Speaking of things from the previous era being left out… there’s no mention here of Lex ever having been President of the United States. I mean, that would almost definitely come up in a fistfight where Lex is ranting about all the things Superman has taken from him, right? I think it a damn shame as that arc and character progression was some of my very favorite things about turn of the century DC Comics. I thought that was just so cool… but I suppose the new powers that be didn’t quite agree.
Personally… there have been very few times in my Superman reading “career” where I haven’t felt some sort of a connection to the character. The New-52! is one… Grounded is another… and this story makes three. There’s just this odd aloofness to Superman here… that I can’t quite explain. He’s not unlikable… but there’s a coldness here. Maybe I’m imagining it… but it sort of feels like we readers are being kept at “arm’s length” here. Know what I mean? Ehh, maybe I’m just talking nonsense.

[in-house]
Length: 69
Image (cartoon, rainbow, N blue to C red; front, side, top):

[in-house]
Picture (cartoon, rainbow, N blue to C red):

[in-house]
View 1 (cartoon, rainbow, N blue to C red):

Anyhoo, if you’re interested in this story… maybe the trade will prove to be a satisfying read. I don’t think this would make for a necessarily long (or as drawn out) of a read in one sitting. If you’ve got the issues handy, I’d say you’d be fine reading the first two and the last two… just with the understanding that Superman gets his powers back in the middle.
Overall, “Up, Up, and Away!” was a decent enough story that, in my opinion, overstayed its welcome. Still worth a read, especially given that… from what we understand, it’s still (mostly) in continuity. The entire run is available digitally, and has been collected in trade.